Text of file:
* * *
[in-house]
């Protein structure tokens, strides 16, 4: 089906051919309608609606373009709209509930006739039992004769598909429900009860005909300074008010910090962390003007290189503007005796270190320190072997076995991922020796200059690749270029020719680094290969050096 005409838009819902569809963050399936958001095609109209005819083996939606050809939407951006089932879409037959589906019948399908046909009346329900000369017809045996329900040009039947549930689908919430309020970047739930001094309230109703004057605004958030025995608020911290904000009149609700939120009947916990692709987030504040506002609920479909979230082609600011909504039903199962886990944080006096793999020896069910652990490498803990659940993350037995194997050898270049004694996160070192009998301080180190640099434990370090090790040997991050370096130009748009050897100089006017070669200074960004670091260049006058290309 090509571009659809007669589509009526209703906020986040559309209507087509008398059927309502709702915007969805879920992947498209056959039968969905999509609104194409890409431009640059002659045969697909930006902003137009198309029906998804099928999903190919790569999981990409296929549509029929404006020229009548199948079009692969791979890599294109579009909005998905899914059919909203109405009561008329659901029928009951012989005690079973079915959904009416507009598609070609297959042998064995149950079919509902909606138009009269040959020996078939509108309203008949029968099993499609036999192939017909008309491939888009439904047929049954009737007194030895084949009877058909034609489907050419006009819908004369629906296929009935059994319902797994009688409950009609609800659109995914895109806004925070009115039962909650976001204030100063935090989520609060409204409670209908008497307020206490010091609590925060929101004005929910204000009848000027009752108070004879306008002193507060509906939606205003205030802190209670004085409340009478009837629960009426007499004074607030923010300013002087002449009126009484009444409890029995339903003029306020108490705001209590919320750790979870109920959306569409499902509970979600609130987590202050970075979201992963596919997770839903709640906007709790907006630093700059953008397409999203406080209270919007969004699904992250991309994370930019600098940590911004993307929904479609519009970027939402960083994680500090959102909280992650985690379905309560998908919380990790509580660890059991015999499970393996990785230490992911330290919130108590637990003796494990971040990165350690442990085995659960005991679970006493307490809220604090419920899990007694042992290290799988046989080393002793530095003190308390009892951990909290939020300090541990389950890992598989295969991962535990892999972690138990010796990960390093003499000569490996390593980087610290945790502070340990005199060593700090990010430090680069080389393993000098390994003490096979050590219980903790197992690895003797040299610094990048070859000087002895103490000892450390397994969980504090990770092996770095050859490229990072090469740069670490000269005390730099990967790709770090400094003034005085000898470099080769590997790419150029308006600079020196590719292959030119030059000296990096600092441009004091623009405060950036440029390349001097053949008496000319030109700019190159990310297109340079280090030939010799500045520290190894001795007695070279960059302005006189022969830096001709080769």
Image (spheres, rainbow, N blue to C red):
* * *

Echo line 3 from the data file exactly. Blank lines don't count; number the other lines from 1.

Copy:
Image (spheres, rainbow, N blue to C red):